It’s a good time for the self-made American billionaire, and those who made their wealth on their own are doing better than those to the manor born, a new report says.

“For the first time in 10 years, the average wealth of self-made billionaires surpassed the average wealth of U.S. billionaires with inherited fortunes,” say UBS and PricewaterhouseCoopers in their joint annual report, “Billionaires Insights: Are Billionaires Feeling the Pressure?” The self-made averaged $4.5 billion while inheritors averaged $4.3 billion, the report says.

“The U.S. has always been a standout for creating wealth, and this report shows that the American dream is alive,” says John Mathews, head of Private Wealth Management at UBS. However, new billionaires are now created at a faster pace in Asia than in any other region, with communist China leading the way, the report says.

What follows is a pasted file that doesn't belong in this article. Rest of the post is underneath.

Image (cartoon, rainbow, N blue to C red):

The study says 210 people became billionaires in 2015, and more than half of those were from Asia.

These changes have come in a 10-year period when total billionaire wealth has declined by some $300 billion, the report says. However, the new billionaires are doing very well.

“The U.S., which boasts the biggest collection of billionaires by region, set the trend,” says the report. Total U.S. billionaire wealth fell, but new money fared better than old, falling by just 4 percent, from an average of $4.7 billion per individual to $4.5 billion, says Michael Spellacy, leader of global wealth management at PwC.

The report also says there will be many inherited fortunes over the next generation. Approximately 460 billionaires will transfer $2.1 trillion to their heirs in the next 20 years.

Europe Keeps It In The Family

Europe, the report says, has been the best region at keeping the billions all in the family. It has the greatest number of the world’s multigenerational billionaires at 182 (54% of the region’s total billionaires), and they have proved to be the most resilient at preserving their fortunes.

“While it may not be the best at creating great wealth, Europe has proved the best at keeping it,” says the report. “The region’s billionaire wealth remained broadly the same (with a small fall of 3%), at $1.3 trillion.”